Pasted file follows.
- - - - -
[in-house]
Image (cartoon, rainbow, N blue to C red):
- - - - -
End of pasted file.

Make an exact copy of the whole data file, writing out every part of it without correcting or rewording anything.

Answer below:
[in-house]
Image (cartoon, rainbow, N blue to C red):